Comment on Chen et al, page 2036
Antigen stimulation of the leukemic clone is increasingly implicated in the pathogenesis of CLL. Chen and colleagues provide evidence that expression of ZAP-70 in CLL B cells renders IgM signaling more effective and thereby could contribute to the more rapidly progressive clinical course of ZAP-70–positive CLL.
There is increasing evidence for a role of antigen in the pathogenesis of chronic lymphocytic leukemia (CLL), most notably the nonrandom composition of the B-cell receptor (BCR) expressed on the leukemic cells, suggesting that CLL B cells recognize distinct antigens.1 Ongoing antigen-mediated activation of the leukemic cells through the B-cell receptor is suggested by the presence of cellular activation markers on the cell surface and the expression of genes induced by BCR stimulation in at least some CLL types.2,3 Other features such as the low expression of the immunoglobulin chains on the cell surface and reduced responsiveness to immunoglobulin M (IgM) stimulation in some CLL clones are consistent with an anergic state induced by chronic antigen exposure.1 Importantly, the nature of the cognate antigen and differences in the responsiveness of the leukemic cells to antigen stimulation may explain the well-known heterogeneity in the clinical course of CLL.
Zeta-associated protein of 70 kDa (ZAP-70), a cytoplasmic tyrosine kinase essential for T-cell–receptor signal transduction, is preferentially expressed in CLL B cells whose immunoglobulin genes have not undergone somatic hypermutation (Ig-unmutated CLL), while a second CLL subtype with mutated immunoglobulin genes most often lacks ZAP-70 expression.3 Expression of ZAP-70 in CLL B cells is associated with more rapid disease progression and shorter survival4 and may be a better predictor of clinical course than Ig-mutation status.5 Whether ZAP-70 expression indicates a distinct cellular origin of the clone or different activation states of the leukemic cells remains to be determined. Chen and colleagues focused on a role of ZAP-70 in BCR signal transduction and demonstrate that CLL B cells that express ZAP-70 are more likely to respond to IgM cross-linking with increased tyrosine phosphorylation of key signal transduction proteins and increased calcium flux than ZAP-70–negative CLL B cells. By introducing ZAP-70 into ZAP-70–negative CLL cells, they could convert IgM-nonresponsive B cells to IgM-responsive cells. While this finding supports a direct role of ZAP-70 in IgM signaling, it is not evident how expression of ZAP-70 increases BCR signaling in CLL B cells, as these cells do express normal amounts of SYK kinase, the functional B-cell homolog of ZAP-70. It is conceivable, however, that ZAP-70 expression may antagonize mechanisms involved in downmodulating BCR activity in anergic B cells and thereby could facilitate BCR signaling.FIG1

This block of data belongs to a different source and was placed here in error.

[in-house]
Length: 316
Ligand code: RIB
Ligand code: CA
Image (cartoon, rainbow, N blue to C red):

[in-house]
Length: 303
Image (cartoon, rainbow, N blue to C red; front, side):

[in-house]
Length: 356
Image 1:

The evidence implicating ZAP-70 in BCR signaling is derived from in vitro experiments using a controlled but artificial way to initiate IgM signaling. It is therefore important to test predictions of this model in vivo and to keep in mind that ZAP-70 expression distinguishes 2 CLL subtypes that differ in several respects, not the least of which may be the nature of the antigen recognized and possible differences in the interaction with nonmalignant cells and in BCR composition. All of these factors may influence the consequences of BCR engagement in vivo that can range from increased proliferation and survival to induction of apoptosis. ▪